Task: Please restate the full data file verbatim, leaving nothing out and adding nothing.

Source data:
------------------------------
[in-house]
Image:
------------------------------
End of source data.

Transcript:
[in-house]
Image: